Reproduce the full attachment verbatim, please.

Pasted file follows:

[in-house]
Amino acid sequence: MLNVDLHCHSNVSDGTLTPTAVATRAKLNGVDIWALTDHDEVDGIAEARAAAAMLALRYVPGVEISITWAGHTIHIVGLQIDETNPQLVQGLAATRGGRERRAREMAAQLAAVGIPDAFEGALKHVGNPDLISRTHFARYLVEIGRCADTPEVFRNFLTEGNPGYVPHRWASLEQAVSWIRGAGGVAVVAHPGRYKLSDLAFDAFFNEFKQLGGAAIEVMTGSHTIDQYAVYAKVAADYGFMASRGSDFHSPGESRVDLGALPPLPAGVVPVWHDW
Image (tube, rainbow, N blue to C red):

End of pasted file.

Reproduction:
[in-house]
Amino acid sequence: MLNVDLHCHSNVSDGTLTPTAVATRAKLNGVDIWALTDHDEVDGIAEARAAAAMLALRYVPGVEISITWAGHTIHIVGLQIDETNPQLVQGLAATRGGRERRAREMAAQLAAVGIPDAFEGALKHVGNPDLISRTHFARYLVEIGRCADTPEVFRNFLTEGNPGYVPHRWASLEQAVSWIRGAGGVAVVAHPGRYKLSDLAFDAFFNEFKQLGGAAIEVMTGSHTIDQYAVYAKVAADYGFMASRGSDFHSPGESRVDLGALPPLPAGVVPVWHDW
Image (tube, rainbow, N blue to C red):